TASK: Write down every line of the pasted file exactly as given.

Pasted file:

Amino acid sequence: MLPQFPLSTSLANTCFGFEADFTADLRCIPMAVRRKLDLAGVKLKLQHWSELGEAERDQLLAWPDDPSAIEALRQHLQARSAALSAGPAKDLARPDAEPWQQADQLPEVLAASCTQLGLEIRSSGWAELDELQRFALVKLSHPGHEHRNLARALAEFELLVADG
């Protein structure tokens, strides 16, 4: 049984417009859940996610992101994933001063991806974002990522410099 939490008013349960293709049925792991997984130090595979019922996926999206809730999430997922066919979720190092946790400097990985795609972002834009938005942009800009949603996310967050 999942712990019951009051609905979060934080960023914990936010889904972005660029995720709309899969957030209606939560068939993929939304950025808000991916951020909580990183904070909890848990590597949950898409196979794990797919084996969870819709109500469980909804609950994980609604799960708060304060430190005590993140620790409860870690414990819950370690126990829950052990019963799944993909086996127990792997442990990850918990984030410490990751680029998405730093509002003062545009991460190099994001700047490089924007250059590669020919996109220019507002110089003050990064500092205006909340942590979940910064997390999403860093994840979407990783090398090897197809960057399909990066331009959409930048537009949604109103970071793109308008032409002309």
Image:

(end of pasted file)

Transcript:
Amino acid sequence: MLPQFPLSTSLANTCFGFEADFTADLRCIPMAVRRKLDLAGVKLKLQHWSELGEAERDQLLAWPDDPSAIEALRQHLQARSAALSAGPAKDLARPDAEPWQQADQLPEVLAASCTQLGLEIRSSGWAELDELQRFALVKLSHPGHEHRNLARALAEFELLVADG
């Protein structure tokens, strides 16, 4: 049984417009859940996610992101994933001063991806974002990522410099 939490008013349960293709049925792991997984130090595979019922996926999206809730999430997922066919979720190092946790400097990985795609972002834009938005942009800009949603996310967050 999942712990019951009051609905979060934080960023914990936010889904972005660029995720709309899969957030209606939560068939993929939304950025808000991916951020909580990183904070909890848990590597949950898409196979794990797919084996969870819709109500469980909804609950994980609604799960708060304060430190005590993140620790409860870690414990819950370690126990829950052990019963799944993909086996127990792997442990990850918990984030410490990751680029998405730093509002003062545009991460190099994001700047490089924007250059590669020919996109220019507002110089003050990064500092205006909340942590979940910064997390999403860093994840979407990783090398090897197809960057399909990066331009959409930048537009949604109103970071793109308008032409002309």
Image: